Drug repurposing to counter COVID-19: antiviral activity may be induced by phospholipidosis

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Over the past 16 months and against the backdrop of the COVID-19 health crisis, thousands of drugs have been tested with a view to repurpose them to tackle SARS-CoV-2. Many of these drugs have demonstrated potential antiviral activity (23 compounds including hydroxychloroquine, azithromycin, amiodarone and 4 others tested in clinical trials). Given this high number of potential treatments, the University of California San Francisco (UCSF), the Quantitative Biosciences Institute, the Institut Pasteur and Novartis joined forces as part of an international collaboration to demonstrate that in vitro antiviral activity was in fact induced by a mechanism common to all the compounds: phospholipidosis. This research has revealed the importance of systematically testing phospholipidosis as part of the repurposing process, with a view to honing criteria for selecting drugs put forward for clinical trials. The results of the research were published in Science on June 22, 2021.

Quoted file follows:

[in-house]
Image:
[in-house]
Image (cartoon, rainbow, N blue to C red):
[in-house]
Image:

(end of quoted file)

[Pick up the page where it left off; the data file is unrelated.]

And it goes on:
Since the beginning of the SARS-CoV-2 outbreak, and in light of the emergency health situation, the international scientific community has sought to identify drugs already available on the market that could be repurposed to treat COVID-19.

Many of these have been identified as potentially having an antiviral effect on SARS-CoV-2 in vitro, which prompted scientists at the University of California San Francisco, the Quantitative Biosciences Institute, the Institut Pasteur and Novartis to verify their genuine efficacy for tackling this novel coronavirus. Through this international collaboration, they were able to demonstrate that the antiviral activity of certain molecules was in fact induced by phospholipidosis, an ancillary mechanism common to all the various compounds.

Phospholipidosis involves excessive accumulation of phospholipids in tissues and a change in the way phospholipids move in cells. This phenomenon is tolerated by humans in the short term and occurs to a limited extent when using most drugs. It is accepted since the drugs' therapeutic effect is greater than the side effects of phospholipidosis.

Marco Vignuzzi, Head of the Viral Populations and Pathogenesis Unit at the Institut Pasteur and joint last author of the study sheds light on the importance of this study and the impact of these results on future drug repurposing research.
 

 

Marco Vignuzzi, head of the Viral Populations and Pathogenesis Unit at the Institut Pasteur